It’s been a while since I posted. I know. And much has happened. If I had the time, I would give each of the following events the time and webspace they truly deserve. But, alas, the life of a wanderer that I am currently living doesn’t often allow for such luxuries.
Since returning from Sajama in early December, I traveled to the Yungas region of the La Paz department (think: coca, cacao and mangoes!). The town of Chulumani (read: Coroico minus the tourists) is the center of the small Afro-Bolivian minority population living in the fertile lands on the steep Andean slopes in this transition zone. It was a great contrast from the stark beauty of the altiplano. Beauty in the Yungas comes in the form of fruit so fresh and delicious, it melts in your mouth; people so friendly you can’t stop yourself from chatting; traditional dancing to a drum beat hauntingly rooted in West African rhythms…
A few final days in La Paz, a final 18 hour Bolivian flota ride, then a few sweaty days in Santa Cruz to meet up my my parents (first time I had seen them in almost a year!), and we were off for the next adventure: getting to Samaipata from Santa Cruz in the rainy season! Getting there was an adventure. Being there was a relaxing dream. Getting BACK was epic. I was proud of my parents for wading across a river, crawling up and down the river banks with their rolly suitcases, and walking across a landslide on the way there… I was speechless after our journey back. After an all day rain (on Christmas Day, no less), the road conditions worsened for our journey home. All in all, the should-be 2 hour journey took us about 8 hours and included 2 taxis, 1 truck bed, 1 10km section on the back of motorcycles, 1 river forded, and one 500m long recently fallen mudslide with knee-deep quicksand-like mud crossed while mud and rocks continued to fall from above. A true Bolivian transit adventure. But, true de form, Bolivians ALWAYS find a way through. And we followed them.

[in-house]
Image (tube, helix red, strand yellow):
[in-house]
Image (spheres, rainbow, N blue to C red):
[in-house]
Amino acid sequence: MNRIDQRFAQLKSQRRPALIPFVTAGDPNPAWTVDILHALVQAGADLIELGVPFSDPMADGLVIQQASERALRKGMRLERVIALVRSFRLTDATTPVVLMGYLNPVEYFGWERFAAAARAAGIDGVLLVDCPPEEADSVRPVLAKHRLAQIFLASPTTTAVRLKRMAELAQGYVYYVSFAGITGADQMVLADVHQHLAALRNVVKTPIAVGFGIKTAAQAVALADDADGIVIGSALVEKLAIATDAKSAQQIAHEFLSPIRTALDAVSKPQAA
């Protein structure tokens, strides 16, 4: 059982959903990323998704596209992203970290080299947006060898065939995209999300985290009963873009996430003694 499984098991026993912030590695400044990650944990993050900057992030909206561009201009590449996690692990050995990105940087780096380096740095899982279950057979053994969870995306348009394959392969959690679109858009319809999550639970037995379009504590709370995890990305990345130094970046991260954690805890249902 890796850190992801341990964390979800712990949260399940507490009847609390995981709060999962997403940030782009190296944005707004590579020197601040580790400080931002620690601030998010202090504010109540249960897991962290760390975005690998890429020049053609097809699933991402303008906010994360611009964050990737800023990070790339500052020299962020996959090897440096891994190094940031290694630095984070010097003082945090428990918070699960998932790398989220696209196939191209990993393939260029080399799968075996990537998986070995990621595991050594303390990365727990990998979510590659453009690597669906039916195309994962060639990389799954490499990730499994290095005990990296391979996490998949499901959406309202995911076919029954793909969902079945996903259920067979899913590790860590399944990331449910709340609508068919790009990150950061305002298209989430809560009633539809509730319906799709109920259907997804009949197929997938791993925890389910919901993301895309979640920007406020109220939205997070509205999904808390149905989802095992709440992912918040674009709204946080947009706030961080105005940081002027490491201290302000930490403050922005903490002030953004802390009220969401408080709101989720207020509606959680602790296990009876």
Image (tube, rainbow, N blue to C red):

On the way to Samaipata. Still smiling! No idea what they were about to get themselves into. Mom and Dad learned the hard way that rolly suitcases are less than ideal for Bolivian travel!
Helping Mom across the river on the way there.
Walking across the landslide on the way there. No big deal.
Samaipata was beautiful and relaxing, and certainly worth the trek. This “garden salad” sealed the deal, however. And it’s officially the most beautiful (and 100% edible!) salad on Planet Earth.
Mom and I enjoy her world famous caramel brownies in the back of the truck bed on our epic journey back to Santa Cruz!
This picture in no way conveys the magnitude of this mudslide. It was truly catastrophic.
Mom, muddy, but happy to be on the other side of the mudslide, gears up for the next part of the adventure: motos!
After our adventures on the Samaipata-SC road, we headed to Sucre. My parents tried to get to Sucre 35 years ago, but never made it because their rainy-season flight was cancelled…for the whole season. The airport runway has since been paved to allow for rainy season departures and arrivals, but it still lacks landing radar, so, if it is too cloudy, no take offs or landings are permitted. Our fingers were crossed as we waited for our flight to be called in the Santa Cruz airport. Seems as if our bad travel karma was used up on the Samaipata road, and we made it to Sucre without a hitch. Just a 35 minute delay. Well, 35 years and 35 minutes in my parents’ case.